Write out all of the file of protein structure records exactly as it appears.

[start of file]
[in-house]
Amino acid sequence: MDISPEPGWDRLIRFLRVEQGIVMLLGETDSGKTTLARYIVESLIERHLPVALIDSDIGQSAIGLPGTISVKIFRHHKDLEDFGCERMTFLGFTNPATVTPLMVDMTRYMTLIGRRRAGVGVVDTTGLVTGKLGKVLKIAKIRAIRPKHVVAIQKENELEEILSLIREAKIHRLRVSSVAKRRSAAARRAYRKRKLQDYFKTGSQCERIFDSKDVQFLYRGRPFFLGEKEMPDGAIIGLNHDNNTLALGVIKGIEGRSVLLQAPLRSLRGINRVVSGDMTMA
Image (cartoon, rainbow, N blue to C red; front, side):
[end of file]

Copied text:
[in-house]
Amino acid sequence: MDISPEPGWDRLIRFLRVEQGIVMLLGETDSGKTTLARYIVESLIERHLPVALIDSDIGQSAIGLPGTISVKIFRHHKDLEDFGCERMTFLGFTNPATVTPLMVDMTRYMTLIGRRRAGVGVVDTTGLVTGKLGKVLKIAKIRAIRPKHVVAIQKENELEEILSLIREAKIHRLRVSSVAKRRSAAARRAYRKRKLQDYFKTGSQCERIFDSKDVQFLYRGRPFFLGEKEMPDGAIIGLNHDNNTLALGVIKGIEGRSVLLQAPLRSLRGINRVVSGDMTMA
Image (cartoon, rainbow, N blue to C red; front, side):